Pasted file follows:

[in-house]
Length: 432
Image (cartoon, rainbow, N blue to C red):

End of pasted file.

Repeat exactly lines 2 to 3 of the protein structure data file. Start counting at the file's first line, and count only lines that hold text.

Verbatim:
Length: 432
Image (cartoon, rainbow, N blue to C red):